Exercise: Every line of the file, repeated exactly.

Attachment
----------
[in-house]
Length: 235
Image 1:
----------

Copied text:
[in-house]
Length: 235
Image 1: